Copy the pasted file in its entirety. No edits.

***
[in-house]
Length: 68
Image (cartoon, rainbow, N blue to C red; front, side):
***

[in-house]
Length: 68
Image (cartoon, rainbow, N blue to C red; front, side):